2009 2010 Books in Translation Chunkster Historical Fiction Other Prizes Recommended books

The Dark Side of Love – Rafik Schami

 Shortlisted for the Independent Foreign Fiction Prize 2010

Translated from the German by Anthea Bell

The Dark Side of Love is epic in every sense of the word.

  • The 850 pages are imposing.
  • The writing quality surpasses the ordinary.
  • The narrative encompasses an impressive period of time, following three generations as political change forces their lives in different directions.
  • There is a hero who battles against adversity, capturing your heart.

The Dark Side of Love is set in Syria and follows two feuding families from 1907 through to 1970. The central characters are Rana and Farid, a couple who fall in love, but are unable to be together due to the generations of hatred between their rival clans.

The gulf between the Mushtak and Shanin families was deep. Later, no one could say just how their hostility had begun, but even the children of both families were convinced that they would sooner make friends with the devil than one of the enemy clan.

The first 300 pages of this book were slow going. New characters seemed to be introduced on each page and I found it almost impossible to keep track of who everyone was. In the end I gave up trying to work it out and approached each chapter as if it were a short story. This worked really well and I found myself treated to numerous Syrian myths and legends. I found the details of their lives fascinating and so although I couldn’t tell you who half the people were I never lost interest in the book. It took me over two months to read the first 400 pages, but I’m pleased that I took the time to absorb their world as I think it made the second half of the book even better.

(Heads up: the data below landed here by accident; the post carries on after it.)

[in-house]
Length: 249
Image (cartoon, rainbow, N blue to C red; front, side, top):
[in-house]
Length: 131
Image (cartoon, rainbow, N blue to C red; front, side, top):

At the centre of the book the narrative became more conventional and the focus shifted to Farid. This increased the pace of the book and I managed to complete the second half in just two weeks. Farid finds himself in many terrible situations, both political and personal, but the lengths that he goes to to try to be with Rana are heartbreaking. Their love was so strong and realistic that this has become one of my favourite romances.

Don’t be fooled into thinking this is a happy book though – there is a lot of violence and suffering. I’d describe it as a cross between A Fine Balance and Palace Walk. The complex political and religious situations in Syria are woven with more personal stories of families trying to arrange favourable marriages for their children or find appropriate jobs. I learnt so much from reading this book, but I’m going to re-read it as I’m sure that would reveal many more layers.

This isn’t an easy read, but it is well worth the effort. I think it is a literary masterpiece and that everyone interested in Middle Eastern literature should ensure they read it.

Highly recommended.